Military Benefits Offered During Basic Training
What military benefits are offered during basic training? If you are a new recruit and you’re wondering what to expect when you arrive in the training environment, keep reading. There are many benefits to be aware of. What follows are the benefits most commonly asked about–not all of those listed are accessible during initial training, but some definitely are available when in boot camp.
Military Pay And Allowances
Even though you are in a training environment, you still need to be paid for your time, which is why trainees are offered the base military pay amount for the rank they enter the service with. This is typically the lowest rank (E-1 for enlisted members and O-1 for officers) but some enter the military with a higher rank because of past college credit or other factors. Some may attend basic training as an E-2 and therefore are offered higher base pay.
You begin earning the moment you start training, but depending on when your training phase begins your first paycheck may be delayed a week or two since the DoD pays military salaries twice a month on the 1st and 15th.
If you join the military as a parent or spouse, you may also be entitled to draw a family separation allowance if you are away for 30 days or longer. This is above and beyond base pay. What you won’t receive during basic training?
Proficiency pay, foreign language pay (even if you speak another language fluently), hazardous duty pay, or other options are offered to those who have made it to their first duty station and are settling into their jobs. These special pays require you to meet certain requirements to draw them.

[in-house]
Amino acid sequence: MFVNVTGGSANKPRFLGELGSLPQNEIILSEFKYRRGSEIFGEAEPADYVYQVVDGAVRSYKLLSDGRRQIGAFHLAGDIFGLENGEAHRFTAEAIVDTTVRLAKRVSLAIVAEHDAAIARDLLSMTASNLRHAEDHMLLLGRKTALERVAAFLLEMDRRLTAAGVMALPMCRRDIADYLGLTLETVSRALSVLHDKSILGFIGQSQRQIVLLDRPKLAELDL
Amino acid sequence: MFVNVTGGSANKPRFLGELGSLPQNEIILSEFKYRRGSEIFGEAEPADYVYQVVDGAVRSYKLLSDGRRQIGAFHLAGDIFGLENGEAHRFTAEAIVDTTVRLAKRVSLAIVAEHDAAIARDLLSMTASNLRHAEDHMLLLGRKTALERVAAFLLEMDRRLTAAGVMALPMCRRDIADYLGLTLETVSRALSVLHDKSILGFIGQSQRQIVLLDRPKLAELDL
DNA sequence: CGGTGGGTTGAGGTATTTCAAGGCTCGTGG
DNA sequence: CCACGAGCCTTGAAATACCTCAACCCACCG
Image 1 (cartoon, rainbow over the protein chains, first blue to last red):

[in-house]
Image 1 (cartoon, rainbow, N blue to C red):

When you arrive at Basic Training, you may be given a clothing allowance that pays for your initial supply of uniforms, boots, cold weather gear, and dress uniforms. This typically happens during the first week and some branches of service may provide another clothing allowance–or require you to use a portion of the original allowance–at a certain point toward the end of training.
Medical Care During Initial Training
Officer candidates and enlisted recruits alike attend their initial training in a closed environment. That means you do not have the freedom to come and go, on and off base, as though you were working a traditional job. That freedom comes after the initial and any advanced training are completed and you are given your first military duty station assignment.
While you are in the training environment, if you get sick or injured you are typically treated at the on-base or on-post military medical facility there unless that installation has an agreement with a local provider instead.
That may be fairly unusual for some installations but when a military base experiences renovations, construction projects, or other improvements some facilities might not be available and require the use of an alternative care provider. But how do you pay for this coverage? Do you pay for healthcare coverage while in basic training?
TRICARE During Basic Training
All recruits receive medical insurance coverage through TRICARE while in training. You cannot use any other insurance, and coverage/enrollment are automatic. Members of the Guard and Reserve are also covered during training periods.
What you need to know regardless of your Guard, Reserve, or Active Duty status is that while coverage is automatic, you are required to enroll in TRICARE at some point.
GI Bill Eligibility During Basic Training